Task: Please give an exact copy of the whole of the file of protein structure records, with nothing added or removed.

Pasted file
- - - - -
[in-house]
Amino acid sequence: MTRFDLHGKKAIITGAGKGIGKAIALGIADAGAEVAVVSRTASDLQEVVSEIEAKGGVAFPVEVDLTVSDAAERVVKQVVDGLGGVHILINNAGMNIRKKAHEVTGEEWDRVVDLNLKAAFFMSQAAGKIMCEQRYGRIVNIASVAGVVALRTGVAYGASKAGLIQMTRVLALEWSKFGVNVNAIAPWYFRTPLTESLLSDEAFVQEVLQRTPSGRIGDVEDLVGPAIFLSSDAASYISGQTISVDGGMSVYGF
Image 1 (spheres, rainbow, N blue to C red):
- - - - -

[in-house]
Amino acid sequence: MTRFDLHGKKAIITGAGKGIGKAIALGIADAGAEVAVVSRTASDLQEVVSEIEAKGGVAFPVEVDLTVSDAAERVVKQVVDGLGGVHILINNAGMNIRKKAHEVTGEEWDRVVDLNLKAAFFMSQAAGKIMCEQRYGRIVNIASVAGVVALRTGVAYGASKAGLIQMTRVLALEWSKFGVNVNAIAPWYFRTPLTESLLSDEAFVQEVLQRTPSGRIGDVEDLVGPAIFLSSDAASYISGQTISVDGGMSVYGF
Image 1 (spheres, rainbow, N blue to C red):